How to Complain

Complaining can be a delicate art. Unfortunately, when you have been treated poorly by a company, finding yourself on the receiving end of shoddy goods or services, handling things delicately might be the last thing you feel like doing.

It may be very tempting to march into a store and cause a ruck, send an angry letter, or even take to Twitter to express your outrage. However, if you take a more reasoned approach and follow the company’s complaints process (and if necessary, the complaints process for that industry) you are likely to enjoy better luck in terms of seeking satisfaction.

Write a Complaint Letter

The complaint letter is a useful tool, and the ideal way to begin your complaint against the company in question. Writing a complaint letter allows to arrange your thoughts and make your point clearly – if you make your complaint in person or over the phone, you may miss out an important detail, or inadvertently say something that weakens your complaint.

Also, sending a letter allows you to accumulate evidence of all correspondence with the offending company, which will be useful if you are forced to take your complaint further.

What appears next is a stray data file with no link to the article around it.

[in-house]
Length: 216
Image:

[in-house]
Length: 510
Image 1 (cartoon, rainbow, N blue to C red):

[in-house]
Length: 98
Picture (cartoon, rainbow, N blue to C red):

You should consider sending any complaint letters via recorded delivery. Being made to sign for the letter will prevent the company from claiming ignorance of the complaint.

How to compose your letter

Your letter should be firm, but avoid being emotive or overly accusatory. It should clearly state:

  • What happened (along with evidence, such as a receipt)
  • What you want to happen (a specific request for a refund or replacement – always send copies)
  •  Why you are allowed this (reiterate your rights under the Sales of Goods Act, for example)
  • Give a deadline for their reply (two weeks is a good amount of time)

Don’t apologise or accept blame in any way, and make it clear that you know your rights and are willing to enforce them. The stronger and more aware of your rights you come across, the less likely it is that the company will attempt to stiff you in terms of compensation.

Naturally, your letter should also be well presented, and correct in terms of spelling and grammar.

Where should I send my letter?

It’s usually best to start small – if your qualm is with a member of staff in chain store, it would be appropriate to start by contacting the manager of that store. If they are unhelpful, you can consider taking your complaint up the chain towards the company that licenses the store.

In other cases – perhaps when you have bought something that you feel was falsely advertised by the company, it may be more appropriate to go straight to the main company.

What if the company won’t help?

If the company rejects or ignores your complaint, or fails to offer compensation to a satisfactory level, it may be time to take your complaint to an Ombudsman or regulator.